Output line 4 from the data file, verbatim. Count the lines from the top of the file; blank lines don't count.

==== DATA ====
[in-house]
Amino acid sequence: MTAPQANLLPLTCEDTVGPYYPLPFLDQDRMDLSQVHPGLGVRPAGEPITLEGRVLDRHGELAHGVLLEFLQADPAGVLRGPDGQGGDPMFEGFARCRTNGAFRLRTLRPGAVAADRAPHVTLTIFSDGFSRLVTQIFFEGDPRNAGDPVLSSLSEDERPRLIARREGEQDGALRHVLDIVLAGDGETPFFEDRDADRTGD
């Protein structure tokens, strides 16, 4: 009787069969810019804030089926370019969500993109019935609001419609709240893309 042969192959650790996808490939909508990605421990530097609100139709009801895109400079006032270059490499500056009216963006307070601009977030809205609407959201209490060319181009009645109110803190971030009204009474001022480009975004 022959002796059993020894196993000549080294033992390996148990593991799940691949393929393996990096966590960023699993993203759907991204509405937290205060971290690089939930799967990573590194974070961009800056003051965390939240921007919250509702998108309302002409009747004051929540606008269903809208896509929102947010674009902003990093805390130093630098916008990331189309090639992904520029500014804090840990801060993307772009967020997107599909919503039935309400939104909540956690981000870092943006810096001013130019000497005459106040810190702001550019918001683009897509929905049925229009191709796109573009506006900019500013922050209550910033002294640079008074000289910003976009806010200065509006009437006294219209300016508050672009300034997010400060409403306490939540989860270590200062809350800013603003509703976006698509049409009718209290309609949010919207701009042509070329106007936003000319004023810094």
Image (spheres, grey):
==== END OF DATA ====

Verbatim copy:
Image (spheres, grey):